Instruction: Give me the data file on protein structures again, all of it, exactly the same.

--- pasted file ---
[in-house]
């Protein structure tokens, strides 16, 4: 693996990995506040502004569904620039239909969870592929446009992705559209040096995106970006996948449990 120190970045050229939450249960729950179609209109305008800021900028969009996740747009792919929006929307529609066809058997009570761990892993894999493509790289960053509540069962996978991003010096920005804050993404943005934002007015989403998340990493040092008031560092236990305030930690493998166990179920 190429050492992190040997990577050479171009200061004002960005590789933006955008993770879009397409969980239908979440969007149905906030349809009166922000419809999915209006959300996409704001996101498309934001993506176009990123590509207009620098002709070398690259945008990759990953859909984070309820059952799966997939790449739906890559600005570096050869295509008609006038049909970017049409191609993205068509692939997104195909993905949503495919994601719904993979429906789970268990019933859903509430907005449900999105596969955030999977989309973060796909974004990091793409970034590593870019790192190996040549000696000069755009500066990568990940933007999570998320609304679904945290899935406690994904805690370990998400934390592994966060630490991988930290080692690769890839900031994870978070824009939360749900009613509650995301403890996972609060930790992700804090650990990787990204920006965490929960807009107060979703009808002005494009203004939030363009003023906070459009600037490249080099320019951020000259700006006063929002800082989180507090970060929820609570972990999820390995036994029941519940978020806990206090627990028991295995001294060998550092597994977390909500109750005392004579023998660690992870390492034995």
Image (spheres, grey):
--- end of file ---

[in-house]
């Protein structure tokens, strides 16, 4: 693996990995506040502004569904620039239909969870592929446009992705559209040096995106970006996948449990 120190970045050229939450249960729950179609209109305008800021900028969009996740747009792919929006929307529609066809058997009570761990892993894999493509790289960053509540069962996978991003010096920005804050993404943005934002007015989403998340990493040092008031560092236990305030930690493998166990179920 190429050492992190040997990577050479171009200061004002960005590789933006955008993770879009397409969980239908979440969007149905906030349809009166922000419809999915209006959300996409704001996101498309934001993506176009990123590509207009620098002709070398690259945008990759990953859909984070309820059952799966997939790449739906890559600005570096050869295509008609006038049909970017049409191609993205068509692939997104195909993905949503495919994601719904993979429906789970268990019933859903509430907005449900999105596969955030999977989309973060796909974004990091793409970034590593870019790192190996040549000696000069755009500066990568990940933007999570998320609304679904945290899935406690994904805690370990998400934390592994966060630490991988930290080692690769890839900031994870978070824009939360749900009613509650995301403890996972609060930790992700804090650990990787990204920006965490929960807009107060979703009808002005494009203004939030363009003023906070459009600037490249080099320019951020000259700006006063929002800082989180507090970060929820609570972990999820390995036994029941519940978020806990206090627990028991295995001294060998550092597994977390909500109750005392004579023998660690992870390492034995």
Image (spheres, grey):